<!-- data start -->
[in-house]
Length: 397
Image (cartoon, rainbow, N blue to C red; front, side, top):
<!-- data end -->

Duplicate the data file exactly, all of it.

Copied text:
[in-house]
Length: 397
Image (cartoon, rainbow, N blue to C red; front, side, top):